Paul McGann and Nicola Walker return together for the first time in over a year, portraying the Eighth Doctor and Liv Chenka, respectively. McGann and Walker have long ago established their fantastic chemistry with one another, and their quick, easy charm; after all, they’ve been acting together for four years now. But there’s still always a pleasure in hearing the fantastic rapport and back-and-forth that comes out in these audios between the two, because it feels so genuine and real. The two actors clearly like and respect each other, and that shows in their performances with one another, as the two chew up scenes and ably finish the other’s sentences. Individually, the performance are strong as well. Paul McGann has inhabited the role of the Eighth Doctor for so long now that his performances are like second nature to him. McGann’s greatest trick in the role is his ability to pivot his performance at the drop of a hat; one second, he’s joking around, polite yet awkward, and the next, he’s deadly serious. It’s a marvellous trick, and McGann does it absolutely effortlessly. Personally though, despite McGann’s strong performance, I think that Nicola Walker was the highlight of the cast. Walker is an exceptionally talented actor, and has stood out ever since her debut in Robophobia as Liv Chenka. She’s incredibly comfortable in the role as Liv, but she’s not complacent in her performances; on the contrary, she’s hard-working and genuine, to the point that you can hear it. She’s a delight in her dour, dry sense of humor, but I’ve also been delighted to note that Walker has picked up a bit of McGann’s obfuscatory humor, and incorporated that strongly into her performance. It adds an extra dimension to her performance, and makes it all the more engaging. But the most engaging part of her performance is the more dramatic pieces; her interrogation by the Heliyon (Beth Chalmers) is strong, as she refuses to give up any information and tears the Heliyon a new one for threatening Wilhelm is engaging, while the final scene where she finds out that Wilhelm was shot down by German soldiers, and laments that he was able to escape aliens, but was killed by simple, ordinary humans, is immensely powerful.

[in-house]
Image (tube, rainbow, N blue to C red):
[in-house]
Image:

The guest cast for this story is rather strong, filled with performances by Big Finish mainstays Beth Chalmers, Tracy Wiles, and James Joyce, and strong guest performances from relative newcomers, like Gyuri Sarossy. But two performances in the guest cast stand out: Ian McNeice as Winston Churchill, and Laurence Dobiesz as Wilhelm Rozycki. Ian McNeice once again inhabits the role of Winston Churchill, a role he has played in eight audio stories now, but with a twist; McNeice plays Churchill for the first time in a full-cast story. The full-cast story affords McNeice the opportunity to simply double down on his performance as Churchill, ignoring the need to narrate or do impersonations, and that allows his performance to shine better than it has done in any of The Churchill Years sets. His performance and his chemistry with both Paul McGann and Nicola Walker is strong, and his performance is engaging throughout. I quite liked his scene trying to slyly enter the TARDIS with Liv, and his constant attempts to find out the future of the war from the Doctor. Laurence Dobiesz joins the cast as Wilhelm Rozycki, a Polish pilot drafted to help the Doctor and Liv investigate the alien menace. Dobiesz gives a good performance throughout the story, and shares an excellent chemistry with Nicola Walker’s character. In light of the final scene, and his character’s final fate, I thought that Dobiesz did a really fine job of creating a memorable character who, when he died, left an emotional impact on the character of Liv, and on the listener. As for some standout scenes, I particularly found myself enjoying the way that Dobiesz worked with Walker during their scenes as they escaped from the Heliyon ship, or the excellent, comedic chemistry between him and Gyuri Sarossy as their characters ignored Tracy Wiles’ Ground Control.